A thoughtful shareholders’ agreement can be one of the most valuable tools a family business has. It can serve several purposes. A few of the easy ones are:

Restrictions on Transfer. A shareholders’ agreement—or similar document—can place appropriate restrictions on transferring shares, particularly transfers outside of the family. It can do so by flatly prohibiting any transfers without some form of permission, or it can give the company and/or the other family members the right to buy the shares first if an owner is looking to sell.

“Drag-Along” Obligations. Even if no one is contemplating a sale of the family business, sometimes unexpected things happen. If the family found itself with no clear succession plan and an unbelievable offer to sell the business, the family would want to be able to proceed without having to win over every single small shareholder. A “drag-along” right would obligate the shareholders to participate in such sale if it was approved or agreed to by some core group.

Governance. As ownership gets diffuse, it gets harder and harder to make decisions by consensus. The business needs to have a way to identify the appropriate leadership and allow them to do their job. A shareholders’ agreement can obligate shareholders to vote for certain individuals to the board of directors to ensure continuity of leadership. It can even provide a proxy or power of attorney so that those closer to the business can independently make the decisions around the company’s leadership and governance.

Liquidity. Just as circumstances might change for the business, circumstances might change for the individual family member shareholders. If shareholders find themselves in a position where they no longer want to own their shares or need an ability to monetize them, a shareholders’ agreement can provide solutions. The company or certain family members could be obligated to buy the shares on certain terms to provide liquidity to the shareholder but also ensure the terms are fair and no one takes advantage of the situation.

There is a multitude of ways that any of these rights or obligations can be tailored to a particular family or a particular business, so this can really be a customized document that makes sense in an individual circumstance. The benefits are clear.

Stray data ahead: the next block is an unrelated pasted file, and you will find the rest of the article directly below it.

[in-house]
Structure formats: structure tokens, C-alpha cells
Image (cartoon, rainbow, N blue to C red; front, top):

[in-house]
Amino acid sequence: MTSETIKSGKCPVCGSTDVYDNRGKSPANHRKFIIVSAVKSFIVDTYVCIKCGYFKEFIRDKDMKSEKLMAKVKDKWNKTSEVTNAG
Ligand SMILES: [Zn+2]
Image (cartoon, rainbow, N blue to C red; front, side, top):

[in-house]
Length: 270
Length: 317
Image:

But what if you did not think of putting a shareholders’ agreement in place at the beginning? Or what if you have not done a good job about making sure that every new recipient of shares signs the agreement? What if you now have more than 20 shareholders and no document tying them together? Is there any value in trying now, or has the train left the station?

Certainly, a shareholders’ agreement has the most value when signed by all shareholders. That ensures every single equity owner is playing by the same rules. There are, however, certain rights and obligations that can still add tremendous value, even if only signed by a portion of the family members. For example, depending on the concentration of ownership, an agreement among the core shareholders with respect to governance would still be appropriate. If shareholders representing more than a majority of the outstanding shares signed a shareholders’ agreement in which they commit to vote for board members in a certain fashion, this could still provide some certainty and protection around governance. Similarly, if shareholders representing more than a majority of outstanding shares all agreed to a “drag-along” commitment, the business may be able to complete a potential sale transaction in which it could still sell 100% of the business to a third party without input from each and every shareholder. (For example, a sale structured as a statutory merger under the laws of many states may only need a 51% vote of the shareholders to proceed, effectively requiring even the 49% to sell – so an agreement among 51% might be enough.)

Every family is different and every business is different, but you should keep open the possibility that an agreement among shareholders—even less than all the shareholders—can help add value and bring stability to your family business.

Drew Steen is a business transactions attorney at Davis Wright Tremaine LLP. He represents both buy-side and sell-side clients in mergers and acquisitions, venture capital investments, joint ventures, equity co-investments and restructurings. He also serves as regular corporate counsel for several closely held and family-owned companies. Drew can be reached via email at andrewsteen@dwt.com or directly at 206.757.8081.